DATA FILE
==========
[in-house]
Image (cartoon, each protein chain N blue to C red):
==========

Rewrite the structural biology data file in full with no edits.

[in-house]
Image (cartoon, each protein chain N blue to C red):